The infantry then advanced, but were received with such a deluge of stones that they, too, fell back to Broadway. Here they rallied, and at the order forward, moved steadily on the mob, and forced their way to the front of the Opera House. While forming line here on the sidewalk, they were assailed so fiercely with paving stones, that the soldiers fell rapidly. The rioters were in close quarters, and the heavy stones, hurled at such a short distance, were almost as deadly as musket balls. Captain Pond soon fell wounded, when the second in command told the sheriff that if he did not give the order to fire, the troops would be withdrawn, for they couldn’t stand it. Recorder Talmadge, unwilling to resort to such a desperate measure, attempted to harangue the mob. He begged them, in God’s name, to disperse and go home if they did not, the soldiers would certainly fire on them, etc. The only reply was hoots and yells of defiance, and paving stones. The Recorder then forced his way up to General Hall, standing at the right of the battalion, and said: “You must order your men to fire; it is a terrible alternative, but there is no other.” The General asked for the Mayor, for he was doubtful of his authority to do so, without his order. “He won’t be here,” replied Talmadge. General Sandford then said: “Well, the National Guards will not stand and be pounded to death with stones; nearly one-third of the force is already disabled.” After a little more hurried conversation, the sheriff said, “If that be so, you have permission to fire.” The uproar all this time was deafening, and the order, “Ready!” of General Sandford, could hardly be heard; but the sharp, quick rattle of steel rose distinctly over the discord. Still terribly repugnant to shoot down citizens, General Hall and Colonel Duryea made another attempt to address the crowd, and begged them to cease these attacks. “Fire and be d–ned!” shouted a burly fellow. “Fire, if you dare take the life of a freeborn American for a bloody British actor! D–n it, you dassent fire!” and he boldly bared his breast to the leveled muskets. “Fire, will you?” yelled another, as he hurled a paving stone at General Sandford, wounding his sword arm. “Hit ’em again!” shouted a third, who saw the well directed aim. Still averse to shedding blood, General Hall told the soldiers to elevate their pieces over the heads of the people, and fire at the blank wall of Mr. Langton’s house opposite, hoping thus to frighten the mob. But this only awakened derision, and the leaders shouted, “Come on, boys! they have blank cartridges and leather flints!” In the meantime, the police, who had mingled with the mob, and were making arrests, began to force their way out, in order to escape the fire that now seemed inevitable. The troops moved across the street, and faced toward the Bowery, obeying the word of command promptly, and marching with great steadiness, although the pelting they received was murderous. To retreat would be pusillanimous, to stand there and be pelted to death worse still; and General Hall finally gave the order to fire point blank, but to aim low, so that men would be wounded, rather than killed. The command fell clear and distinct, “Fire!”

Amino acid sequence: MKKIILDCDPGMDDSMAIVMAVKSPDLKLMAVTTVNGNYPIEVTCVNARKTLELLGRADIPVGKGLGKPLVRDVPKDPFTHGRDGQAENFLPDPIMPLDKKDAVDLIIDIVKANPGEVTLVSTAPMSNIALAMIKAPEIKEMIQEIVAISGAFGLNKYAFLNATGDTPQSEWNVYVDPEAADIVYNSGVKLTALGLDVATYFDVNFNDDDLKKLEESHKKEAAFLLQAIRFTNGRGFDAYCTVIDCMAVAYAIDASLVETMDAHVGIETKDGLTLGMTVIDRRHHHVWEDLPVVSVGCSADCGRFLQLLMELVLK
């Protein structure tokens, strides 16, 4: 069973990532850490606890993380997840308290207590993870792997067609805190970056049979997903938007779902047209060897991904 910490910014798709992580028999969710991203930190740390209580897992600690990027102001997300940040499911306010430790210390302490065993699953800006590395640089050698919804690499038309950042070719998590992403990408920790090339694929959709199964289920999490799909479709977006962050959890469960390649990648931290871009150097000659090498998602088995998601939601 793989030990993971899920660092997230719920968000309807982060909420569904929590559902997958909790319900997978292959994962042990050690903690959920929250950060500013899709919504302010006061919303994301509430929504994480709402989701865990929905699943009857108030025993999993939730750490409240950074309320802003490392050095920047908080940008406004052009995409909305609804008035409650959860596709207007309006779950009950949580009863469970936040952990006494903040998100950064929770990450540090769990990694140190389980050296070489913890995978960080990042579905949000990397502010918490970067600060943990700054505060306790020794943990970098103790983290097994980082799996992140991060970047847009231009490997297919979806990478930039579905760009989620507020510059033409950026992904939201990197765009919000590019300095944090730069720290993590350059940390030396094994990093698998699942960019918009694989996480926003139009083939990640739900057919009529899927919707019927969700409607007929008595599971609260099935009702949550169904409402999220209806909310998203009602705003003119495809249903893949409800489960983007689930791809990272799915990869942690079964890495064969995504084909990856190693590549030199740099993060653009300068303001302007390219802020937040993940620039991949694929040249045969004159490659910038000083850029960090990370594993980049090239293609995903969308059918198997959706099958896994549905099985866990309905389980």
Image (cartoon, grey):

A single musket shot on the extreme left was the only response. They were too near their muzzles almost touching the hearts of the men, and it seemed terribly murderous to fire. “Fire!” shouted General Sandford.